While most of the country’s political attention currently revolves around who will control Congress after the November mid-term elections, LGBTs should be aware that an item on the Massachusetts ballot could have widespread effects on the community.
A law passed in 2016 protects transgender citizens in the state from discrimination in regard to public accommodations, including the use of bathrooms that align with transgender folks’ gender identity.
But conservative, anti-trans groups have managed to put the law up for a vote by the general public after only two years.
Question 3 will ask voters in the Bay state if the law should remain (a ‘yes’ vote) or be repealed (a ‘no’ vote).
The “No on 3” campaign has released a new ad spot that stokes fears about “men in women’s bathrooms” predicting male predators will hide out and lie in wait to attack women and children.
In the spot, a woman enters a locker room as a sinister-looking male predator hides inside a bathroom stall.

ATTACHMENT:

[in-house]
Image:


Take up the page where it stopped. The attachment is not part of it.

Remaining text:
“What does Question 3 mean to you?” asks a female voice in the spot. “It means any man who says he is a woman can enter a woman’s locker room, dressing room or bathroom at any time, even convicted sex offenders, and if you see something suspicious and say something to authorities, you could be arrested and fined up $15,000.”
During the voiceover, the woman begins to undress but looks up to see the man emerge from the stall.
The voiceover ends: “Vote No on 3. This bathroom bill puts our privacy and safety at risk. It goes too far.”
Here’s the spot.
While this might seem like a single ballot referendum in just one state, Massachusetts has a long history as a bellwether for LGBT rights in the U.S.
Massachusetts was the first state to legalize marriage equality, and the second (after Wisconsin) to prohibit discrimination based on sexual orientation in employment, housing, and public accommodations.
And while many may think Massachusetts is a ‘safe liberal haven’ for civil rights, don’t forget that in ‘liberal’ California, the dreadful Prop. 8 took away same-sex marriage in 2008 after LGBT folks already had won the right to marry those they love.
That’s the kind of setback we, as a community, can’t allow to happen again.
If Question 3 in Massachusetts were to take away trans rights, it would embolden opponents of the community to attack LGBTQ protections anywhere.
Fortunately, there are people fighting to get the truth out to the public.
Here’s the recent ad from the ‘Yes on 3’ team below. And for more information about how you can help, head over to freedommassachusetts.org.